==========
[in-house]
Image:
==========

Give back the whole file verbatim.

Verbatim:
[in-house]
Image: